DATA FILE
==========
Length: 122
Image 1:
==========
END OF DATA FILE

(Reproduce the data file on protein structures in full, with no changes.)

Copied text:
Length: 122
Image 1: